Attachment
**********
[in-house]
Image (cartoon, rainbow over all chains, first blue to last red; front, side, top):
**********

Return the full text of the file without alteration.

[in-house]
Image (cartoon, rainbow over all chains, first blue to last red; front, side, top):